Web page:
What is ironic about Dimmesdale's reaction to Hester's refusal to name the father of her child in The Scarlet Letter?  

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missy575 | High School Teacher | (Level 1) Educator Emeritus

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If you are in the beginning of the book, about chapter 3, this scene occurs with great irony. First of all, we know Dimmesdale to be a Reverend. Thus, he has a moral duty and obligation to the Puritan society to ensure that sin goes noticed. This effort of public mockery when great sin occurs was regular for Puritans and they believe it helped deter others from committing like crimes. What actually happens is that he moves through the ceremony of public mockery very quickly and the audience almost feels that he is letting her off the hook. Her punishment for the crime is not severe enough for them. Dimmsdale is acting more like a modern day minister who allows forgiveness (it is indeed a premise of the bible, but Puritans regularly overlooked it). It would have been ironic for a minister of that day and age to actually act that way.

What is more ironic is the identity of the father. Wait til you find that one out. There's a reason she's keeping such a big secret.

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mwestwood | College Teacher | (Level 3) Distinguished Educator

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When the Reverend Dimmesdale calls upon Hester to name the man with whom she has sinned, he exhorts her not to be "silent from any mistaken pity and tenderness for him" because even if he were to be brought down from a high place, it would be "better than to hide a guilty heart through life." Yet, when Hester refuses to name the man, Reverend Dimmesdale seems relieved, and he even praises Hester.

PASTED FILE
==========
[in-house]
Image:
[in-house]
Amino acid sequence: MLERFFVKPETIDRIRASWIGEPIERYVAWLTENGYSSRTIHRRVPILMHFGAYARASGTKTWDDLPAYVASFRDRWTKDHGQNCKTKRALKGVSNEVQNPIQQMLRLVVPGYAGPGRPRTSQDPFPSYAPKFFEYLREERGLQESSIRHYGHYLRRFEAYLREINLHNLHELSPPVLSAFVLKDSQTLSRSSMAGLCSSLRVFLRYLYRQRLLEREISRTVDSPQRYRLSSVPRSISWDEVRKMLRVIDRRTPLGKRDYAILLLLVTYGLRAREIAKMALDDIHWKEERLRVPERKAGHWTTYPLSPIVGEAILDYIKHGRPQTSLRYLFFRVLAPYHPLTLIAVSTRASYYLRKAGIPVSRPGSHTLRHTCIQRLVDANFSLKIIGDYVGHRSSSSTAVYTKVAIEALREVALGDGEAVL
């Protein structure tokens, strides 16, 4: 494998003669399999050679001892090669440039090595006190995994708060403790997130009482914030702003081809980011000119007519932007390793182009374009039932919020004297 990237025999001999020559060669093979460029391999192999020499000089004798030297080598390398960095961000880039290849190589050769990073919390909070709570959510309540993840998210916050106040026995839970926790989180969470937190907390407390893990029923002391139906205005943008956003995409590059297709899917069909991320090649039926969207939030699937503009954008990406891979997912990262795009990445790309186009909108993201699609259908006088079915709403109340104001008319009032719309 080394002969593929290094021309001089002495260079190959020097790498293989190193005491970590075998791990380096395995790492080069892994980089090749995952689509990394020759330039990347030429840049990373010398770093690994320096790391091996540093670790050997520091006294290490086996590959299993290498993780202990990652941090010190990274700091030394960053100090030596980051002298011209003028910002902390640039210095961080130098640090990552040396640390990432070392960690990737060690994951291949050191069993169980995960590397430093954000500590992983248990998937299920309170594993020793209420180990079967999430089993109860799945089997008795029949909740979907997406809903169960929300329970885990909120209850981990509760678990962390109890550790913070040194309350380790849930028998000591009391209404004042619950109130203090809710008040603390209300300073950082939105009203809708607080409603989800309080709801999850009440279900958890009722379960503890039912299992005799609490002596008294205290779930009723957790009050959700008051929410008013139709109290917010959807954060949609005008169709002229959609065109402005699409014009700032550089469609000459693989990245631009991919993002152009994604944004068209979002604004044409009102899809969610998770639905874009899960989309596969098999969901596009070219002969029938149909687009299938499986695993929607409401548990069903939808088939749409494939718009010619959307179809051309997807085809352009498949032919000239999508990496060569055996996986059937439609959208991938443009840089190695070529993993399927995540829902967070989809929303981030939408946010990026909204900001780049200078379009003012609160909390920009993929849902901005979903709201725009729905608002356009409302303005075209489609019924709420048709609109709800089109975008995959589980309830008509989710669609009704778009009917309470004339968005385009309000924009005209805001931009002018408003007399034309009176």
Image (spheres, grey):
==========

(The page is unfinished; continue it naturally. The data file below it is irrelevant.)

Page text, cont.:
In Chapter III of The Scarlet Letter, not only is Hester Prynne brought before the Puritan community to be questioned and scorned on the scaffold, but when she looks out, she sees a man she recognizes. As she does so, she convulsively presses the infant that she holds so forcefully that her baby cries out.

The man Hester has seen asks a stranger who the woman brought forth is. He is told her name and that she has dwelt in this community for two years as she waits for her husband to come from Amsterdam. Then, when the stranger asks the other man whose baby Hester holds, the man replies,

Of a truth, friend, that matter remaineth a riddle; and the Daniel who shall expound it is yet a-wanting.

The Puritan adds that, perhaps, the guilty one stands by watching this spectacle and he is unknown, and the Puritan thinks the man has forgotten that God sees him. Of course, the Puritan is unaware of the irony of the situation, as he is talking to the very man who is the husband of Hester Prynne. There is also irony in one of the stranger's responses because he actually speaks of himself and his clear intentions:

The learned man. . . should come himself to look into the mystery.

When the Reverend Mr. Wilson calls upon the young minister Dimmesdale to question Hester, Reverend Dimmesdale exhorts Hester to speak out and name her fellow-sinner because it is better that he be made known than that he "hide a guilty heart through life." Hester refuses, saying she will never name the man. When Dimmesdale hears this response, he lays his hand upon his heart and exclaims with a great exhaling of breath, 

Wondrous strength and generosity of a woman's heart! She will not speak!

What is ironic is that the young minister compliments Hester for her courage and generosity in not naming the man with whom she has sinned when he has just exhorted her not to exercise any "tenderness" or "mistaken pity" for him. His remark that is complimentary to Hester seems to contradict what he has demanded of Hester and seemed to expect.

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